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Title/Topic: Association Helps People Learn About Eating Disorders in Colorado
Posted On: 1/30/2008
Salida, Colorado, Jan 30 2008 (The Mountain Mail) – As many as 24 million people in the U.S. struggle with an eating disorder such as anorexia, bulimia or binge eating, according to the National Eating Disorder Association.

To help with education about the problem, February is National Eating Disorder Awareness Month.

“I believe almost anywhere in the U.S. there are people struggling with this,” Jeannine Aberg-Maes, a Salida psychotherapist, said.

She worked with eating disorder patients for 20 years in the Denver and Winter Park areas before moving to Chaffee County in August.

“We live in a culture that outrageously esteems thinness – skinniness even.

That’s always the thing we have to fight when someone is pursuing recovery – the whole notion that they are probably going to have to gain weight, yet they have received so much attention and esteem for being thin.

“They get seduced by the cultural norm, it is so powerful. Colorado has been named the fittest state in the nation. That ‘fittest state in the nation’ label can also come with a ruminatory compulsive/obsessive nature.

“That’s why Porter Care Hospital (in Denver) has an outpatient eating disorders clinic.”

Other National Eating Disorder Association statistics reveal one in five women struggle with an eating disorder or disordered eating; 90 percent of those who have eating disorders are between 12 and 25 years old.

In addition, about 11 percent of high school students have been diagnosed with an eating disorder.

Aberg-Maes will conduct an Eating Disorders Awareness information meeting at 7 p.m. Feb 6 in the community room at Bongo Billy’s Salida CafĂ©.

She encourages anyone struggling with an eating disorder or anyone worried about someone who is struggling, to attend.

“I have done a lot of work in terms of educating parents about what to say and what not to say,” she said. “If I was a family member and worried about someone, I would go to an information meeting.”

People with eating disorders often use food or control of food as an attempt to control emotions or situations that seem over-whelming, she said.

“The control factor is huge,” she said. “When there is upset or distress in someone’s life, especially when there is a sense of no control over the issues – the drama of peer pressure, the drama of popularity or academic achievement – it’s very easy, especially for girls, to begin to focus on their bodies.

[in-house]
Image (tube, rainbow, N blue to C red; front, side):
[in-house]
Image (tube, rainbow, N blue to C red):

“They can channel their distress in that direction.”

She said she has seen a rise in the number of younger children struggling with eating disorders.

“If we were to unpack women who struggle with an eating disorder early in life, we’d find they are the ones who are involved in everything, get excellent grades, are high achievers,” she said.

“There are certain kinds of family systems in which there is a high focus on control and achievement, and a belief you have to be a certain kind of weight.”

What can start out as simple dieting can become a deadly disease, she cautioned.

“In the majority of cases it starts out harmless – they never intend to get an eating disorder. They may say, ‘I want to lose five pounds, I want to lose 10 pounds,’ which in most cases is not a horrifying amount.

“But then it feels good and they get lost in it. A simple little weight loss goal turns into a compulsive-obsessive goal in their life.”

Aberg-Maes said she wants to start a support group for eating disorder sufferers. She said even though consciousness has been raised about eating disorders, it remains difficult for a person to come forward and seek help.

“I know it’s very difficult for someone to come to a group like this,” she said.

She added it’s important for sufferers “to go and hear the voice of health, and get reinforced that the dieting, the over-exercising, the starving is killing them.”

For more information about the Feb. 6 information meeting, or about an eating disorder support group call Aberg-Maes at (719) 239-0940. For more information about eating disorders visit

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